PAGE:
Queues are the backbone of an inbound call center ACD. They are typically the primary destinations for your callers and customers, so you need to be sure that they are properly structured and implemented. Let’s have a look at a trio of dialplan components that can help you manage how and if callers get into your queues and what to do with them once that happens.
Quality wines. That term can mean a different thing to different people. Some folks may consider a sub-$100 bottle of wine as not being a quality bottle. Some people may consider quality to be simply something they can drink easily without wanting to wretch at the flavour. One thing is almost an absolute though when it comes to wine: They get better with age. Callers who are waiting in your IVR queues, however, are the exact opposite.
Shocking fact: Your callers don’t enjoy waiting to speak to an agent.
Sometimes it’s not the actual amount of time waiting, though. It’s the perception of time.
Everyone’s experienced the perception of time issue. You’re sitting in a meeting, and you look at the clock. After what seems like hours, you see it’s only been a few minutes. You get home from work. You finally have a chance to that thing you wanted to do. You start doing it, then after 10 minutes you look at the clock and an hour has passed. Continue reading 10 Ways to Control Time in the Call Center ACD
We tend to get this type of question more that we should. To an inexperienced user, this symptom seems like a system issue, where more often than not, it’s a simple misunderstanding of the system’s capability. Let’s take a look at a few of the most common reasons why people aren’t answering your outbound contact center calls.
Another year and another Super Bowl has passed us by. With all the hoopla that comes from the two weeks between the Conference Championship games and the Super Bowl itself, talking about quarterbacks-this and defences-that, it’s not really surprising that the guys responsible for holding the footballs in place for their kickers get next to no attention. Even though this role is highly overlooked, it can be amazingly crucial to the outcome of a game. Good or even great holds that result in points for the team are par for the course. However, a botched hold can ultimately end a team’s season and perhaps even their chance to take home the Vince Lombardi trophy. We’ve seen these before with Tony Romo in real-life and with Ray Finkle in Ace Ventura: Pet Detective for a hilariously fictional take on the situation. The bottom line here is that holding is very important and let’s have a look at how this can be done in a proper manner.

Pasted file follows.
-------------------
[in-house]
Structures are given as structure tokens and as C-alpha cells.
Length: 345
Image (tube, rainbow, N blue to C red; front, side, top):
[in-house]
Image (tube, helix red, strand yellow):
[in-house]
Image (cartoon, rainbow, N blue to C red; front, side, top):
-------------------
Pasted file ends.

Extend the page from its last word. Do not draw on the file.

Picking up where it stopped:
We all know what privileges are. They’re some form of a set of rules that allow/disallow use or access to certain things. A few simple examples are a driver’s license where you need to be 16 years of age or the ability to purchase alcohol which happens to be 19 years of age here. How can you use privileges in the Q-Suite to better control your contact center?
On hook agents. I can see arguments both for and against these types of agents, but which side of the argument will end up working for you in your contact center acd? It’s a tough question to fully answer, but let’s have a look at a few of the pros and cons.
Mouse clicks. It’s no secret that reducing mouse clicks makes life easier for users. The fewer times you need to hear ‘click-click-click’ in the run of a day, the better off we all are. How did a relatively small tweak in the Q-Suite make a big impact for users?
Waiting in an inbound queue until the next available agent is prepared to accept your call is an inevitable situation. If you’ve ever needed to call your service provider to add/cancel services or to place an order over the phone, you will run into this scenario. Using some of the available features in the Q-Suite, as a call center ACD administrator you can help ease the waiting times of your customers by providing manually triggered exits for the caller.
I have a scenario approaching quickly with regards to this topic. My previous two vehicles were leased. My third was financed, with the end date of the loan coming up, which means no more direct vehicle payments. This end goal was very appealing to me, hence the purchasing of the most recent vehicle as opposed to leasing it. Maintenance costs are going to crop up, but those are unavoidable. I did truly like the convenience of having a leased car, mostly because if anything at all went awry in the lifetime of the lease, the dealer covered almost any and all expenses. This is not the case with owning of course. This leads me to the actual topic here: Should I lease my contact center or should I buy it?